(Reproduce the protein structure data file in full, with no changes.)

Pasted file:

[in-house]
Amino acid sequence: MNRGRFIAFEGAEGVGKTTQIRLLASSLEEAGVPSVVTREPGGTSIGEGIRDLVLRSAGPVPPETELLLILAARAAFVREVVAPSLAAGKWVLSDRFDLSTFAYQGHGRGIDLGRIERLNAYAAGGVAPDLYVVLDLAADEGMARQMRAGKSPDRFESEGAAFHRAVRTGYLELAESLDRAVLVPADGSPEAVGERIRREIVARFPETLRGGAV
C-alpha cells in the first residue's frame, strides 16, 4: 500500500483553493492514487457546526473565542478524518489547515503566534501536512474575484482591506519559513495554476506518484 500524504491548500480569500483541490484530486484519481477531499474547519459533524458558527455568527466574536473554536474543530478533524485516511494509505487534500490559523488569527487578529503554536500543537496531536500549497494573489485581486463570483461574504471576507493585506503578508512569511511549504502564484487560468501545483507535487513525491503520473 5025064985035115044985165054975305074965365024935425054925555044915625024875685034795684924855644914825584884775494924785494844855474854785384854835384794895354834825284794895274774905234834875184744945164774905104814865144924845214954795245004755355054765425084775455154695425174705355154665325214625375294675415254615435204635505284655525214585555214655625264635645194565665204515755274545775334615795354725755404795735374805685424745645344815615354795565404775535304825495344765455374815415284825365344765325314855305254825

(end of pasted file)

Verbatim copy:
[in-house]
Amino acid sequence: MNRGRFIAFEGAEGVGKTTQIRLLASSLEEAGVPSVVTREPGGTSIGEGIRDLVLRSAGPVPPETELLLILAARAAFVREVVAPSLAAGKWVLSDRFDLSTFAYQGHGRGIDLGRIERLNAYAAGGVAPDLYVVLDLAADEGMARQMRAGKSPDRFESEGAAFHRAVRTGYLELAESLDRAVLVPADGSPEAVGERIRREIVARFPETLRGGAV
C-alpha cells in the first residue's frame, strides 16, 4: 500500500483553493492514487457546526473565542478524518489547515503566534501536512474575484482591506519559513495554476506518484 500524504491548500480569500483541490484530486484519481477531499474547519459533524458558527455568527466574536473554536474543530478533524485516511494509505487534500490559523488569527487578529503554536500543537496531536500549497494573489485581486463570483461574504471576507493585506503578508512569511511549504502564484487560468501545483507535487513525491503520473 5025064985035115044985165054975305074965365024935425054925555044915625024875685034795684924855644914825584884775494924785494844855474854785384854835384794895354834825284794895274774905234834875184744945164774905104814865144924845214954795245004755355054765425084775455154695425174705355154665325214625375294675415254615435204635505284655525214585555214655625264635645194565665204515755274545775334615795354725755404795735374805685424745645344815615354795565404775535304825495344765455374815415284825365344765325314855305254825